A Westmeath father who admitted during counselling sessions that he had abused other children has been sentenced to eight years for the rape and sexual assault of his wife’s 13-year-old niece.
The counsellor’s reports also stated that the man claimed that the children he had abused “often initiated it and seduced him”.
The 54-year-old man, who cannot be named to protect the identity of the now 15-year-old victim, had been attending counselling before gardaí were alerted to his crimes. He admitted having “distorted feelings towards children and their sexuality”.
He told gardaí that he had had sex with the girl, touched her and allowed her to perform oral sex on him, but claimed she had agreed to it after he asked her if he could.
He also claimed that he had “accidentally” raped her during an incidence of abuse.
The man has no previous convictions and does not face any similar charges. He continued to abuse the girl while he attended for counselling.
The man’s defence counsel David Goldberg SC said during the course of his client’s counselling sessions in 2010 and 2012, he outlined “other incidences” when he had abused other children.
The man also disclosed that he had been abused himself as a child, claiming his brother had molested him, and he had believed this sort of behaviour was “the norm”.
The man pleaded guilty at the Central Criminal Court to charges of rape, oral rape and sex assault on the girl between March 2006 and June 2010.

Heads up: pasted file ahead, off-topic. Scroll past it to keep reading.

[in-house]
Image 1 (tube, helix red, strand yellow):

Shane Costelloe BL, prosecuting said the charges were representative of 15 similar charges which occurred between 2004 and 2010, when the victim was aged between eight and 13 years old.
The court heard that two incidences of abuse occurred in the presence of the man’s young boy while the child was preoccupied.
On two other occasions the man sneaked into the girl’s home while everyone else was sleeping, took her out of her bed, drove her off in his car and molested her. He also took her sister with him during one of these incidences and the other girl screamed when she witnessed the man touching her sister.
The local prosecuting garda told Mr Costelloe that the offences first came to light when the man’s wife overheard him talking to her niece on the phone and thought something was “amiss”.
She approached him about it but he denied that “anything untoward” was happening between them.
The woman then went to her sister’s home, and that of the victim, her niece. When the teenager admitted that the man had molested her, the gardaí were contacted.
Mr Justice Paul Carney said he was taking into account “the inherent gravity of the offence, the multiplicity of the offences, the disparity in age between the man and his victim and the breach of trust.”
He said he did not consider the fact that the man had undergone counselling a mitigating factor because it did not deter him from continuing to abuse the girl.
Mr Justice Carney sentenced the man to eight years in prison and suspended the last two years on numerous conditions including that he stay away from the victim upon his release.
He also ordered that the man undergo 18 months' post-release supervision.
The garda agreed with Mr Costelloe that the teenager had been told she was entitled to come to court and make a victim impact report but she declined to do either. Her mother and family were in court to support her, while the man’s wife and older daughter were also present.
Mr Goldberg said at the conclusion of his client’s therapy it was found that he has since been able to “separate himself from the inappropriate feelings he had towards children” and “no longer endorses distorted opinions of feelings towards children and their sexuality”.